HTC – the death of organic marketing

HTC phones back in the days were a masterpiece.

They had everything: the look, the feel, and the performance. HTC understood design and attention to detail. They were built on the old-school traditional Apple methodology but in the Android world and were better than the iPhones in almost every aspect.

HTC was a more influential player in the smartphone market than you might think, they made the first-ever android phone, they also designed Google’s Nexus devices and at the end of 2010, HTC was the leading smartphone vendor in the United States ahead of companies like Apple and Samsung.

But, in 2014, it trailed Apple, Samsung, and LG with around a 6 percent market share in the U.S. In 2017, HTC captured 2.3 percent of smartphone subscribers and now its smartphone segment has vanished completely and it has started making VR headsets.

So, How did a company at the top of its game go from riches to rags? How did one of the leading smartphone manufacturers in the world go from top to rock bottom?

HTC was a smartphone company that focused on the wrong thing: ‘making great products for consumers‘. When it should have focused on ‘marketing its products as great’. <– Read it again.

It was often said that once you try HTC products, you’ll love them but the problem was that HTC products though being one of the best in the industry started losing traction because HTC was naive enough to ‘not buy’ reviews and media.

HTC didn’t indulge in flashy advertisements or paid reviews to get the word out unlike its competitors and thus became a victim of a loudmouth industry.

Though its products were better than its competitors, its failure in keeping its top position proves to us that organic marketing is dead in this era.

HTC’s motto – quietly brilliant was true and reflective of the brand but the part quietly played a major role in its demise.

HTC’s case shows us how manipulative companies have now become. How marketing departments can fool you into believing that their product is great when in reality it’s not.

death of organic marketing

In this world, having a great marketing team is becoming more important than a great product team because if you cannot reach the customers the right way, how will they know about your product and if they don’t know about your product why will they ever try your product?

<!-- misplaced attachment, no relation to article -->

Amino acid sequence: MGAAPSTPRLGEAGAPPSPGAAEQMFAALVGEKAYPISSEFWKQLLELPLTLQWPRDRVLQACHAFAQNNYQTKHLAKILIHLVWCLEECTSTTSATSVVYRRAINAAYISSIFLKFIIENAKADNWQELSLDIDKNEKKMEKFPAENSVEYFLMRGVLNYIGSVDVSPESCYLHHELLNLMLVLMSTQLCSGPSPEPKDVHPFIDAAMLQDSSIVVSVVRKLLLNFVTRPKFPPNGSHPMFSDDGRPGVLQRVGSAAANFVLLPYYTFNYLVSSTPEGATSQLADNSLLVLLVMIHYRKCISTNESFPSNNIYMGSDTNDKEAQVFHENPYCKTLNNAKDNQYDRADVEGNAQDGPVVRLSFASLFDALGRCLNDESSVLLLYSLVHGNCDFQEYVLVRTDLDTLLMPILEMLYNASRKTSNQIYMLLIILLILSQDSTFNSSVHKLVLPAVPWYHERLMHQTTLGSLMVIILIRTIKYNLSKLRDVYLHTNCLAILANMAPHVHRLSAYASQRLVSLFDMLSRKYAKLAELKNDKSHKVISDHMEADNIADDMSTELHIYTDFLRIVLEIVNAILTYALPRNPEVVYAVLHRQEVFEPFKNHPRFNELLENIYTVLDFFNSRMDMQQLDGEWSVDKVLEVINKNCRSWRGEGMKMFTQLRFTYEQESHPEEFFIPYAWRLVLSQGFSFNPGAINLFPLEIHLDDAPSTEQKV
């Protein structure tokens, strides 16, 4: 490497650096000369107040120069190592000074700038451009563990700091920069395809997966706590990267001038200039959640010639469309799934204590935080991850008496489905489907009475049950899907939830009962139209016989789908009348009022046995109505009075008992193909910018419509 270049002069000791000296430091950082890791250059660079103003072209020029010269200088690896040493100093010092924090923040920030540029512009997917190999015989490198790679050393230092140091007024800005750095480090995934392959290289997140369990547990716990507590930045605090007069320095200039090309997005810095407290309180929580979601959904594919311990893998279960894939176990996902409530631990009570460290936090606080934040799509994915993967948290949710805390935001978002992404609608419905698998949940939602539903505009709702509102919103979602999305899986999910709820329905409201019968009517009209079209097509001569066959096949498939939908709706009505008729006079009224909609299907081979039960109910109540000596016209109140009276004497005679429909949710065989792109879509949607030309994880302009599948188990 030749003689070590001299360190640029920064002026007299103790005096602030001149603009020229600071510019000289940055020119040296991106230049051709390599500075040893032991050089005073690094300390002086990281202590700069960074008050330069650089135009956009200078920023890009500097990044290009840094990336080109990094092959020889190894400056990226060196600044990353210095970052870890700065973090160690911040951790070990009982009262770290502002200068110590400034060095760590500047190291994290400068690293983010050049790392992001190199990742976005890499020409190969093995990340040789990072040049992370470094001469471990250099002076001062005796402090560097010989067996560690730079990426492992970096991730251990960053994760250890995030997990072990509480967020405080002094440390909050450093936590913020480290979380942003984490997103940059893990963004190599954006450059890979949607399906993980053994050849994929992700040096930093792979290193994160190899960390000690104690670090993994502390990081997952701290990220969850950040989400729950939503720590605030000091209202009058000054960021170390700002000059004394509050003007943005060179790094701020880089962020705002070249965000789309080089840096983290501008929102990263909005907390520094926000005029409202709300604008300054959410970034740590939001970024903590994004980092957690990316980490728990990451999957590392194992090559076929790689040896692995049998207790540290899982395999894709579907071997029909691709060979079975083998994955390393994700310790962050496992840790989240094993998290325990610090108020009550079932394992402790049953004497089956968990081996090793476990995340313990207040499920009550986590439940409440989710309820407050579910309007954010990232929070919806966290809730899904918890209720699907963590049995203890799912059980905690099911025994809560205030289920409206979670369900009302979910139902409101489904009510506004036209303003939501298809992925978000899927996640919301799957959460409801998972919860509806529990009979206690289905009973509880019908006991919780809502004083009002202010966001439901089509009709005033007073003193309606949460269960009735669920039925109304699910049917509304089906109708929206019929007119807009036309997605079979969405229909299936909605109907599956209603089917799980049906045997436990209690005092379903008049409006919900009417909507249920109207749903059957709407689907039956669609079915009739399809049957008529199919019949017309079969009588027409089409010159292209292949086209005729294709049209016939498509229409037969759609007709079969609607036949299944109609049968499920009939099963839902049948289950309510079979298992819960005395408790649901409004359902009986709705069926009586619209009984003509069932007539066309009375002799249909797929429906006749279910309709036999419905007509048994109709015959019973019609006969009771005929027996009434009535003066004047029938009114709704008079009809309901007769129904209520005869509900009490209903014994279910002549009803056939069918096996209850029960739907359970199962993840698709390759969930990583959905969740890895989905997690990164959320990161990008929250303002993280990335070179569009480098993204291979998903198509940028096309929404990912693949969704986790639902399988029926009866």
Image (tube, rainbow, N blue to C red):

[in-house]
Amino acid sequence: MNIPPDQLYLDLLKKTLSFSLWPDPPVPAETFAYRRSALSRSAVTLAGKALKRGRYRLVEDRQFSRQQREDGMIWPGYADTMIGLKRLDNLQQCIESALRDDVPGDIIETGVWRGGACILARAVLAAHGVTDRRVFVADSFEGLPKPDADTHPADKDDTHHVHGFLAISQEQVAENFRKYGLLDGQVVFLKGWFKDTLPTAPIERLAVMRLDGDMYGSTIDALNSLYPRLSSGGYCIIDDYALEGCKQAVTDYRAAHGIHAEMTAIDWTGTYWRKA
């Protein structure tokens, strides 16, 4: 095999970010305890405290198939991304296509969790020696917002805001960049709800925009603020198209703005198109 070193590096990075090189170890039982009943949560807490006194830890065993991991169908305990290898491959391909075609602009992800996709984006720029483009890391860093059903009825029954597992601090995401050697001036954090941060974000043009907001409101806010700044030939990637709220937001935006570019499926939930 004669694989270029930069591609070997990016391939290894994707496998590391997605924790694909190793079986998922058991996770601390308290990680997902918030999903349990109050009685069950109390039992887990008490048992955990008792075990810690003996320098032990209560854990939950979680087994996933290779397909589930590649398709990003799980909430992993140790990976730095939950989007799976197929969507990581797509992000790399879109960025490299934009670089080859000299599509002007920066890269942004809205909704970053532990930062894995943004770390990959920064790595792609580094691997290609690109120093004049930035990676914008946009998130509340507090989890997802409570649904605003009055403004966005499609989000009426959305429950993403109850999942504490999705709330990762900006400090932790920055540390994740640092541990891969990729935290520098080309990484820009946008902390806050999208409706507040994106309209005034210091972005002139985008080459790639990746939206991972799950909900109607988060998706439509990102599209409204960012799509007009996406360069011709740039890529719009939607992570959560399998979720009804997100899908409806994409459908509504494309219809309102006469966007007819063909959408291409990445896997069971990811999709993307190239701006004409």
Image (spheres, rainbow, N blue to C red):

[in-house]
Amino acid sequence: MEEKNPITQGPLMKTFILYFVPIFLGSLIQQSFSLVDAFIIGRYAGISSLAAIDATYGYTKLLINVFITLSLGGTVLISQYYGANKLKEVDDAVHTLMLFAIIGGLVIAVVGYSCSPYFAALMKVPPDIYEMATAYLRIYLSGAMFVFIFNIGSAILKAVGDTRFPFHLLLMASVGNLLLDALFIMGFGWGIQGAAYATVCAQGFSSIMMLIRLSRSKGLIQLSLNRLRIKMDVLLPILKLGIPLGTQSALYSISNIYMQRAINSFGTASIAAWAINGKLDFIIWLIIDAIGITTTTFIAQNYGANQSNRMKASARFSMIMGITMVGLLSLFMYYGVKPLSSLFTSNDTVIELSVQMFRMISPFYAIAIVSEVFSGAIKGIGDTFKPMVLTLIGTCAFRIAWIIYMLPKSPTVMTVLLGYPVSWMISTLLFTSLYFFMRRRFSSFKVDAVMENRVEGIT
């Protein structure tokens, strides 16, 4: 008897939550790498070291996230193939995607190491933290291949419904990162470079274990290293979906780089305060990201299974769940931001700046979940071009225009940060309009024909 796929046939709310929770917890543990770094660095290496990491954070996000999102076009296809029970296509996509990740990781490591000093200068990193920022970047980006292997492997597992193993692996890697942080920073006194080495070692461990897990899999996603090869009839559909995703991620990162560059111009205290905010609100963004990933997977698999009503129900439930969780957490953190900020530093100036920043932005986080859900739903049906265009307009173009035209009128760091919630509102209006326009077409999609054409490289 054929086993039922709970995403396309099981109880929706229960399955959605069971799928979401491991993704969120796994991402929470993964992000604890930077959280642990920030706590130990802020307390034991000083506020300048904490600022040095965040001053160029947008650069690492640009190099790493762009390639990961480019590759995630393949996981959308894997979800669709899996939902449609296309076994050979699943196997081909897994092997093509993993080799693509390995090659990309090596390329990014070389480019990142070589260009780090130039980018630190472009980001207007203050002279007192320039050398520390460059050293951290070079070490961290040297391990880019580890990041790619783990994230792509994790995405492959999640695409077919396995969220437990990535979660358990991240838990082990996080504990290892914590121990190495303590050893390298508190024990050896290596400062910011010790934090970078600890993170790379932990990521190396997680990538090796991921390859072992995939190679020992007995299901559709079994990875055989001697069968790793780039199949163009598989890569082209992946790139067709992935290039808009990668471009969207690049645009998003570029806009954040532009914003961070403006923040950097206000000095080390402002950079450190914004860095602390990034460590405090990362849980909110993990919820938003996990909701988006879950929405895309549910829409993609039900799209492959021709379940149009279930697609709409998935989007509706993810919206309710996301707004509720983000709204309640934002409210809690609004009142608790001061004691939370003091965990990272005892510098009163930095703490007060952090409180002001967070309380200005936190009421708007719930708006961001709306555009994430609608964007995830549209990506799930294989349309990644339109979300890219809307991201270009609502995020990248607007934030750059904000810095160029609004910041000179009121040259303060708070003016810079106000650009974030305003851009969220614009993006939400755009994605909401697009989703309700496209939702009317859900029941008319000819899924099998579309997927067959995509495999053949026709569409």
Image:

It’s a shame that one of the best minds of our generation are busy figuring out how to make people click on ads. It truly is.

We have to understand that marketing is not an important problem to solve. The more we try to focus on problems that are not important for mankind, the more will we dig a hole so deep for ourselves that getting out of it will become impossible.

Think about it this way- Who does the marketing? Us. Who do we market to? Us. This is a trap and we would not be able to escape it.

But, the problem is that the saturation of online media with products and services has left us with no choice. Marketing has become a necessary evil (Paid marketing).

If you do it, you’re not necessarily doing the right thing but if you don’t do it then what are you doing?

Marketing and design have become such an integral part of our culture.

We are figuring out ways to manipulate ourselves.

Think about it again.

HTC as a brand focused on what should’ve been important and essential, its product. In doing so, it lost focus on something which should’ve been not-so-important and extra, paid marketing and PR.

But who cares about what truly matters? If your product doesn’t sell, your company doesn’t survive.

And, HTC’s product being quietly brilliant, didn’t.

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